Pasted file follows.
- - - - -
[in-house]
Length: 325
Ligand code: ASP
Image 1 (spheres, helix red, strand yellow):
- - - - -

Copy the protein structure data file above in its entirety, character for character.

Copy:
[in-house]
Length: 325
Ligand code: ASP
Image 1 (spheres, helix red, strand yellow):